Make sure your "list" includes attending the monthly YTA workshops that are held the second Saturday of each month at Club Fit in Briarcliff. See the exciting lineup of workshops and presenters below and on our website. And keep in mind the third annual YTA retreat!

    Yours in yoga, 
    Paula Renuka Heitzner

  • 12/31/2019 11:43 AM | Anonymous

    Some of us come to yoga in a quest to resolve problems with pain, to reduce stress, or to explore our fascination with the body. Others come as part of a spiritual journey, in a quest for greater meaning and personal transcendence. Still others come to yoga seeking emotional balance, freedom from negative emotions, and liberation from a karmic inheritance. Because yoga is a profound discipline, wherever we begin our journey, we eventually find ourselves addressing all these dimensions of healing: physical, emotional, and spiritual.

    I was introduced to yoga in 1975 when I was a young professor of philosophy, through the renowned philosopher Mircea Eliade’s classic book, written in 1936, Yoga: Immortality and Freedom. Yoga, as Eliade described it, is the pathway to direct knowledge, or the ability to liberate ourselves from illusion. But if ultimate wisdom and the freedom it brings is the goal of yoga, why and how must we use the body to get there? What is it that we are looking for through bodily exploration, beyond greater strength, stability, focus, and alignment? And why can bodily self-awareness lead us to the truth with a big capital “T”? The challenges I faced in my own life led me to explore those questions. The answers to those questions all revolve around one thing: the body is the seat of what is unconscious ourselves. What lies beyond consciousness includes both our restrictions and limitations (all the forms that ego takes), and our higher self. The path into the body brings what is unconscious to light in order to let go of what binds us and become free.

    My own life took me out of a purely intellectual journey as a philosopher and into intensive somatic self-exploration. In 1976 I began to suffer from severe chronic pain. No amount of hospitalization or conventional medical care helped me. Over the years I came to realize that my dis-ease was the result of a combination of factors: on the physical level, scoliosis and a tight ligamentous structure; on the mental level, a hard-driving, self-critical type A personality; and on the karmic level, buried emotional conflicts dating to infancy and before. I was tied up in knots, and it was my body, not my mind, that was showing me that.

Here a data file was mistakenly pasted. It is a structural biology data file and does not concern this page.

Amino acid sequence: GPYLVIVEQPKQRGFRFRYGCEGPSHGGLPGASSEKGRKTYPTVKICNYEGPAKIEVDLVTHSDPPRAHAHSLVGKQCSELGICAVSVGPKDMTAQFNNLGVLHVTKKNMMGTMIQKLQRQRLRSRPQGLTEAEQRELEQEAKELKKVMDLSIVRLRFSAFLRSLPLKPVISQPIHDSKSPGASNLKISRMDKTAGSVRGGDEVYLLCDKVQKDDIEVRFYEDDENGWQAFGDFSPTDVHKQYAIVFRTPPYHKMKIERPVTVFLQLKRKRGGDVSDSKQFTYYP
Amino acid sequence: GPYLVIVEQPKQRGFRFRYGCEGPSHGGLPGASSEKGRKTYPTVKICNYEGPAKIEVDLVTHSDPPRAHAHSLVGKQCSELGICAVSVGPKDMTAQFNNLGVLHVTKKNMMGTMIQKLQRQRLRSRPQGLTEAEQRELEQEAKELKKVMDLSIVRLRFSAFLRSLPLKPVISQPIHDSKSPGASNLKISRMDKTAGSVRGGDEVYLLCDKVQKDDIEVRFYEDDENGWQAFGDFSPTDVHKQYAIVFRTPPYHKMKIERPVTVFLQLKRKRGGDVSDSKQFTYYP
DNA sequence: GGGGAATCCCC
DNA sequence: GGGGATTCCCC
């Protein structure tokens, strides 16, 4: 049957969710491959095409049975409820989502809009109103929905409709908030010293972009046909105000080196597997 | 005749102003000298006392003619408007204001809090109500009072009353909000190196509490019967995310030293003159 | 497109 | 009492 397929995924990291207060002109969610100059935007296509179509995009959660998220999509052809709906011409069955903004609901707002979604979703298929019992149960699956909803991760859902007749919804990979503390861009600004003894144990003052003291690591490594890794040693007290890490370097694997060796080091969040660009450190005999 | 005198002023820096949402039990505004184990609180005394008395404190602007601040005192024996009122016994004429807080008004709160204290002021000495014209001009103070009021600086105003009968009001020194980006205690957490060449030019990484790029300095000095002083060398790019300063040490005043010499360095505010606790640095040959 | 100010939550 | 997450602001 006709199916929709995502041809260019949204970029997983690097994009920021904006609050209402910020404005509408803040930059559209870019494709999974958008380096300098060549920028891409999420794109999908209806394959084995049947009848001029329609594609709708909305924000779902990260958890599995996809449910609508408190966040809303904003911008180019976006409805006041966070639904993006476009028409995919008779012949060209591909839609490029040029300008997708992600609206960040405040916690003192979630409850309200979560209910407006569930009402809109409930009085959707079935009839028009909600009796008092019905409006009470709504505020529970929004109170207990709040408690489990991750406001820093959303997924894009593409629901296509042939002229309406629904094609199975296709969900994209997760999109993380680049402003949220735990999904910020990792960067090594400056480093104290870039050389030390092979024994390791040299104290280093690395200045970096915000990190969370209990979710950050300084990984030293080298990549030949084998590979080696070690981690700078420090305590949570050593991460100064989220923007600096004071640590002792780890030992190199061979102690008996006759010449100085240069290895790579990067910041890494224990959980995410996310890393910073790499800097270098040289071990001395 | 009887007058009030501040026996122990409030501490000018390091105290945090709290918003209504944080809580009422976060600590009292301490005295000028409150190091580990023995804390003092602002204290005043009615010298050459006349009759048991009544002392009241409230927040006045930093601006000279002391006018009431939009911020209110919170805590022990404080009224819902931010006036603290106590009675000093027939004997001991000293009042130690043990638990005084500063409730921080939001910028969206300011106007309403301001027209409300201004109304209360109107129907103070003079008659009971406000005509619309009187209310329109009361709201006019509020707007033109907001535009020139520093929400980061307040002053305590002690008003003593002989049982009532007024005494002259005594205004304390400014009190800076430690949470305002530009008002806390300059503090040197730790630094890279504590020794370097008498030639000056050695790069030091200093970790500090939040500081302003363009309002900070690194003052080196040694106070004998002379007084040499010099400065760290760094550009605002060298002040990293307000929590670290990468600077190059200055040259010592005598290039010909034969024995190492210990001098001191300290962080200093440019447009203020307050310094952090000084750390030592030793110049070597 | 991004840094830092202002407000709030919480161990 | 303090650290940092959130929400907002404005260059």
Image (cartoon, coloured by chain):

I spent years studying meditation with an Indian spiritual teacher, all of which helped. Then I discovered the Alexander Technique in the late 1980s and its study opened the door to a complete change in understanding of who we are and how to heal. The Alexander Technique is a specific approach to learning how to identify and release unconscious physiological tension. While this tension is physical, it affects every aspect of our being: our thought processes, emotional reactions, and so on. You can’t change those thought processes or emotional reactions more than marginally through mental analysis or psychotherapy, because ultimately the body rules the mind. FM Alexander, the founder of the Alexander Technique, showed that all of us carry excess physiological tension all the time, and demonstrated that this unconscious tension underlies physical disease, as well as mental and emotional stress. He developed ingenious methods for helping people identify, observe, and release this tension. The consequence of putting your primary attention on noticing, feeling,and releasing physiological tension is that life as a whole becomes increasingly effortless, the mind becomes more peaceful, perception becomes more accurate, health improves, and it becomes easier to stay detached in the face of life’s bumps.Does this sound like yoga? It is. It’s not the same as yoga, but it shares a lot of yoga’s ultimate aims. It just uses different tools, a different terminology, and comes from a different culture.